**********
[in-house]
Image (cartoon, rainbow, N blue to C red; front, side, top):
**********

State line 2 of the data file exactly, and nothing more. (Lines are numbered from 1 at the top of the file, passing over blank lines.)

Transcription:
Image (cartoon, rainbow, N blue to C red; front, side, top):